Spanish writer Federico García Lorca, used the term ‘duende’ to describe an elusive quality of art, defined by power, authenticity, and emotional connection. According to tradition, duende is normally created in performed arts, but only when there is some kind of suffering represented in the work. If he saw it today, Lorca may not laud over Cooperativa Ar/Tv Trans’ production of his classic play, ‘LaCasadeBernardaAlba’, as the most successful ever, but he would probably appreciate the presence of duende throughout, most radiant in scenes of conflict and painful revelation.
The Cooperativa Ar/Tv Trans perform LaCasadeBernardaAlba (photo: Bodhi Stanberry)
Bringing together one of the most traditional Hispanic plays ever written and Argentina’s first cooperative transsexual theatre company, this production is politically charged and overflowing with important, revealing background.
Taking place in the Hotel Bauen, the play is put on by the Cooperativa Ar/Tv Trans Theatre Company. In the Bauen’s intimate space, the small cast of 12 create a claustrophobic and intense atmosphere throughout the play’s short running time. This is aided by sparse staging involving little but an appropriately austere kitchen table. The mood amplifies the tensions that mount gradually in the family house of BernardaAlba, thematriarch ruling over her five daughters with an unbending will.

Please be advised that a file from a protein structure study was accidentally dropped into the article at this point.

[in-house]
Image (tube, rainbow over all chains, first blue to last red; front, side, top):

Although it is important not to let the social and authorial context of a production determine its success, it is impossible to ignore -and rightly so- in this vibrant and effective drama. The Cooperativa Ar/Tv Trans company originated in the last decade to give a voice to a minority who often go unheard in mainstream media and literature. The company has expressed its dissatisfaction with the representation of the trans community in literature, but Daniela Ruiz, director of ‘La CasadeBernardaAlba’, revealed the careful choice of play was part of the broader goal of communicating the experience of being trans through theatre.
LaCasadeBernardaAlba at Hotel Bauen (photo: Bodhi Stanberry)
“As all the characters in the play are women, we felt like it was a suitable platform to discuss issues we identify with,” said Ruiz. “Themes of identity and repression are explored in the work; there’s a strong parallel between the women in the play beingdenied their femininity and sexuality and the way the trans community today are often treated.” Indeed, ‘LaCasa de BernardaAlba’ deals with the situation of women at the start ofthe 20th century and is often held up as a defence of women’ rights.
A better established theatre company might put on a more polished production, this being far from flawless. The odd botched or unconvincing line was apparent but not often a distraction from the scene, and the production was just fresh enough to remain engaging throughout. It was also distinctly Argentine: there is a contemporary rioplatense interpretation of the 1920s Spanish spoken inthe play, even occasionally slippinginto lunfardo, a slang dialect originating in Buenos Aires. Whatthe production lacks in terms of experience, it makes up for in soul and a sense of realism.